Thank You for the Extra Car-Free Hour, And…


DOT Commissioner Janette Sadik-Khan celebrates the extra Car-Free hour in Central Park with members of Upper Green Side and Transportation Alternatives

Last week the Dept. of Transportation extended the car-free time on the West Drive of the Central Park loop one extra hour, from 7am to 8am. While this is far short of the goal of a totally Car-Free Central Park, and DOT’s failure to make similar improvements in Brooklyn’s Prospect Park is inexcusable, the additional car-free hour represents a step in the right direction.

Members of Upper Green Side and Transportation Alternatives woke up early to celebrate the new car-free hours and monitor the situation. DOT Commissioner Janette Sadik-Khan stopped by to join the celebration where we thanked her for the extra hour and lobbied her for a total traffic ban in both Central and Prospect Parks. She complimented us on our positive attitude, saying, "I love how with TA folks it’s always ‘Thank you, and…’"

There were many park users on-hand to celebrate as joggers, cyclists, parents, children and dog owners enjoyed the park uninterrupted by the typical armored column of motor vehicles rumbling down the West Drive. But we did have to turn around a few motorists trying to enter before 8am, telling them they were risking a ticket.

We also kindly asked some motorists that somehow did get into the park to "Slow Down"

A tipster points us to a few good pictures on Flickr from the morning.

In Brooklyn, where over 10,000 Prospect Park have sent postcards to DOT in support of a three-month car-free trial, a coalition of local organizations issued a press release suggesting that "City Hall overlooked several clear and easy options to make Prospect Park safer, healthier and more enjoyable for Brooklynites." These incremental improvements include:

  • Closure of the northbound East Drive during the evening rush hours, when traffic is minimal.
  • Closing Prospect Park’s 3rd Street entrance to cars to eliminate dangerous conflicts between motor vehicles and the many children and parents who use two popular, nearby playgrounds.
  • Expanding the crowded pedestrian and cyclist lanes on the Park Drives by eliminating one of the motor vehicle lanes.
  • d

    Send an email to DOT Commissioner Janette Sadik-Khan with your support for the measures listed above by using this link:

    http://www.nyc.gov/html/mail/html/maildot.html

    As we head into the end of the summer and as daylight becomes scarce, it will be impossible for many city residents to use the parks after work during car-free hours. The DOT should extend car-free hours in the evening and in the morning with the eventual goal of getting cars out of the parks altogether.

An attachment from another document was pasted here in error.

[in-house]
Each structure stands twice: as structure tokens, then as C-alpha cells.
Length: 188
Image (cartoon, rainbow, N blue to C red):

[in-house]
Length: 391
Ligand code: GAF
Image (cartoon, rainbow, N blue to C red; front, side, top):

(I would add enforcing speed limits in the park, or lowering the speed limit, as another goal on the road to car-free parks.)

    There is a lot of momentum out there for car-free parks. A bike- and pedestrian-friendly commissioner is a good thing, but she’ll need pressure from everyday citizens if she’s to overcome the powerful interests that keep the parks open to cars.

  • SPer

    The allocation of space on Prospect Drives during evening “car-unfree” hours is grotesque. The running & biking lanes are full and even crowded, depending on the weather; the car lanes are not. Cars should definitely be restricted to one lane. Well, they shouldn’t be in the park at all, but maybe if they were restricted to one lane and not allowed to speed, drivers would not choose the park drives in the first place.

  • Hilary

    SPer makes a very important point: If drivers are restricted… and not allowed to speed, drivers would not choose the park drives in the first place.” Every time we reconfigure our roads and infrastructure to enable traffic to move faster, with design speeds far beyond posted speed limits, we are inducing demand. Dismantling this mindset will be huge. The DOT’s have successfully carried out a policy of speeding up traffic to reduce congestion. The new message must be “reduce the numbers and reduce the speed” in order to reduce the demand for driving. The good thing is that engineers tend to be utterly competent and rational. Given clear objectives, they will deliver the right solution.

  • Hilary

    I neglected to say in the above post that demand-reduction techniques can and should be applied in neighborhoods and parks throughout the city, not just in Central and Prospect Parks.

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